Published in InterAction 45, Summer 2003
We regret that our medical adviser cannot respond to individual enquiries.
Dear Doctor: Pain in the gut
Two years ago I was diagnosed with M.E. One of the main problems I have are gut symptoms such as cramping pain in my lower abdomen , alternating constipation and diarrhoea, and bloating – particularly after eating. My GP says I have Irritable Bowel Syndrome but is not sure whether this is connected to the M.E.
However, I have noticed that my gut symptoms get worse when my other M.E. symptoms increase and when I’m extra tired or stressed. I’ve also had lots of antibiotics for infections in the last year.
I’m not sure what I should do about my current diet and whether I should have any tests or request a referral to a gastro-enterologist or dietitian. I am also considering paying to see a nutritionist privately.
AfME principal medical adviser Prof. Tony Pinching responded:
There are two broad approaches to managing IBS symptoms: namely medication and dietary changes, although many patients find that reducing stress can help too.
Medications are generally used to reduce gut spasms; this may reduce bloating and the alternative diarrhoea and constipation. Mebeverine (Colofac) or alverine are the most commonly used, but buscopan seems to be better for some. If you are not using them for other reasons, low dose tricyclic drugs, such as amitriptyline or nortriptyline can help too.
Your GP should be able to guide you on treatment, but if the problems are bad or not responding to intervention, a gastro-enterologist can assess and advise further, as well as ruling out other gut conditions.
If you have a lot of gut symptoms from IBS, it may be because you have become intolerant of certain foods. The commonest problems are not tolerating high fibre diets (cereals, brown bread, etc), wheat specifically, or sometimes dairy products. A dietitian is often the best person to assess your diet and advise on changes.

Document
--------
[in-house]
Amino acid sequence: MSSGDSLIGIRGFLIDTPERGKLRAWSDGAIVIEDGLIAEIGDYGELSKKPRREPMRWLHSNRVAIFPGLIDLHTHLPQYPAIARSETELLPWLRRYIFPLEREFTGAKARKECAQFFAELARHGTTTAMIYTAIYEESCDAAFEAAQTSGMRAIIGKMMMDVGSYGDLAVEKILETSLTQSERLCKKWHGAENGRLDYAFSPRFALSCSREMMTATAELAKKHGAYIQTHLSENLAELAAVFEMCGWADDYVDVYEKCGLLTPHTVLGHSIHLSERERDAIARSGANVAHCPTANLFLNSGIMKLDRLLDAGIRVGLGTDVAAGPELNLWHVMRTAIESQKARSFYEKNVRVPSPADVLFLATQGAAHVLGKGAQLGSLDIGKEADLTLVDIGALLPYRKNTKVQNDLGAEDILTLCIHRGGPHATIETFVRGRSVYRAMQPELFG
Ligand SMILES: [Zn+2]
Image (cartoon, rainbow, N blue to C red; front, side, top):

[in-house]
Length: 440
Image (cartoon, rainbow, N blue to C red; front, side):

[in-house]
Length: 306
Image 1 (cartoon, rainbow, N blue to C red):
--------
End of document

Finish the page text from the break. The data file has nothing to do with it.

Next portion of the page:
If this doesn’t work, then you could avoid specific foods you suspect may be upsetting you (one at a time, each for a few weeks) to see if that makes a difference. If it doesn’t, there is no need to keep restricting the diet. However, if you do plan to cut something out of your diet long-term, get advice from a dietitian, so that you can ensure you are replacing essential nutrients, if necessary with supplements (e.g. calcium, if you are cutting out diary produce).
Rhona Wilson, state registered dietitian at Barts’ hospital in London added:
Irritable Bowel Syndrome seems to be a common problem in CFS/M.E.
A study by the Royal College of Physicians found 63% of individuals with this illness also had IBS symptoms, compared to 22% of the general population. Since the underlying cause of IBS is not fully understood, there is no standard approach to treatment. Gradually increasing dietary fibre is most likely to help if constipation is your predominant problem, but it doesn’t work for everyone. If diarrhoea and flatulence are the main problem, then increasing fibre may make your symptoms worse!
A change in the composition of bacteria in the digestive tract has been suggested as a contributory factor in IBS. Antibiotics can also change the balance of this. The use of foods containing beneficial live bacteria is currently being researched. Although their role in IBS has yet to be defined, you may find including foods like live yoghurt or fermented drinks such as Yakult and Actimel helpful. If you cannot tolerate dairy products, you can by capsules of lactobacillus from chemists and health food stores. Peppermint (tea or capsules) may also alleviate bloating and cramped pain.
There has been a lot of speculation about the role food tolerance may play in both IBS and CFS/M.E. This remains a very controversial area in need of further investigation. Food intolerance occurs when the body finds it difficult to tolerate certain foods leading to a wide variety of symptoms such as bloating, rashes, headache and diarrhoea> The variation in symptoms can often make intolerance difficult to diagnose but keeping a food diary can help you identify if there is a pattern to your symptoms.